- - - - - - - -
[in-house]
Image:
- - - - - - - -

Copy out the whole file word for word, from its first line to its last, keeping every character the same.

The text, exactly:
[in-house]
Image: